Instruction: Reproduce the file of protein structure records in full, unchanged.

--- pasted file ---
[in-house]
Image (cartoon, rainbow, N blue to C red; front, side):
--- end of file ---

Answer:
[in-house]
Image (cartoon, rainbow, N blue to C red; front, side):